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Lancet. 2015 Feb 7;385(9967):517-528. doi: 10.1016/S0140-6736(14)61403-3. Epub 2014 Oct 13.

T cells expressing CD19 chimeric antigen receptors for acute lymphoblastic leukaemia in children and young adults: a phase 1 dose-escalation trial.

Author information

1
Pediatric Oncology Branch, Bethesda, MD, USA.
2
Experimental Transplantation and Immunology Branch, Bethesda, MD, USA.
3
Laboratory of Pathology, Bethesda, MD, USA.
4
Surgery Branch, Bethesda, MD, USA.
5
Cell Processing Section, Department of Transfusion Medicine, Clinical Center, National Institutes of Health, Bethesda, MD, USA.
6
Biostatistics and Data Management Section, Office of the Clinical Director, National Cancer Institute, Bethesda, MD, USA.
7
National Institutes of Health Medical Student Training Program, The University of Nevada School of Medicine, Reno, NV, USA.
8
Children's Center for Cancer and Blood Diseases, Division of Hematology, Oncology and Blood and Marrow Transplantation, Children's Hospital Los Angeles, Keck School of Medicine, University of Southern California, Los Angeles, CA, USA.
9
Pediatric Oncology Branch, Bethesda, MD, USA. Electronic address: mackallc@mail.nih.gov.

Abstract

BACKGROUND:

Chimeric antigen receptor (CAR) modified T cells targeting CD19 have shown activity in case series of patients with acute and chronic lymphocytic leukaemia and B-cell lymphomas, but feasibility, toxicity, and response rates of consecutively enrolled patients treated with a consistent regimen and assessed on an intention-to-treat basis have not been reported. We aimed to define feasibility, toxicity, maximum tolerated dose, response rate, and biological correlates of response in children and young adults with refractory B-cell malignancies treated with CD19-CAR T cells.

METHODS:

This phase 1, dose-escalation trial consecutively enrolled children and young adults (aged 1-30 years) with relapsed or refractory acute lymphoblastic leukaemia or non-Hodgkin lymphoma. Autologous T cells were engineered via an 11-day manufacturing process to express a CD19-CAR incorporating an anti-CD19 single-chain variable fragment plus TCR zeta and CD28 signalling domains. All patients received fludarabine and cyclophosphamide before a single infusion of CD19-CAR T cells. Using a standard 3 + 3 design to establish the maximum tolerated dose, patients received either 1 × 10(6) CAR-transduced T cells per kg (dose 1), 3 × 10(6) CAR-transduced T cells per kg (dose 2), or the entire CAR T-cell product if sufficient numbers of cells to meet the assigned dose were not generated. After the dose-escalation phase, an expansion cohort was treated at the maximum tolerated dose. The trial is registered with ClinicalTrials.gov, number NCT01593696.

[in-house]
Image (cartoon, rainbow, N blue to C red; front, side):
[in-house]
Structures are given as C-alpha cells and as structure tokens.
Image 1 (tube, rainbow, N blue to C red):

FINDINGS:

Between July 2, 2012, and June 20, 2014, 21 patients (including eight who had previously undergone allogeneic haematopoietic stem-cell transplantation) were enrolled and infused with CD19-CAR T cells. 19 received the prescribed dose of CD19-CAR T cells, whereas the assigned dose concentration could not be generated for two patients (90% feasible). All patients enrolled were assessed for response. The maximum tolerated dose was defined as 1 × 10(6) CD19-CAR T cells per kg. All toxicities were fully reversible, with the most severe being grade 4 cytokine release syndrome that occurred in three (14%) of 21 patients (95% CI 3·0-36·3). The most common non-haematological grade 3 adverse events were fever (nine [43%] of 21 patients), hypokalaemia (nine [43%] of 21 patients), fever and neutropenia (eight [38%] of 21 patients), and cytokine release syndrome (three [14%) of 21 patients).

INTERPRETATION:

CD19-CAR T cell therapy is feasible, safe, and mediates potent anti-leukaemic activity in children and young adults with chemotherapy-resistant B-precursor acute lymphoblastic leukaemia. All toxicities were reversible and prolonged B-cell aplasia did not occur.

FUNDING:

National Institutes of Health Intramural funds and St Baldrick's Foundation.

PMID:
25319501
DOI:
10.1016/S0140-6736(14)61403-3
[Indexed for MEDLINE]

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